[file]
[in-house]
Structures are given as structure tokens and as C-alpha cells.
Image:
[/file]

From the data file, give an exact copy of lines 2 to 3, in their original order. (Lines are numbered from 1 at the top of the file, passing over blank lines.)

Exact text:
Structures are given as structure tokens and as C-alpha cells.
Image: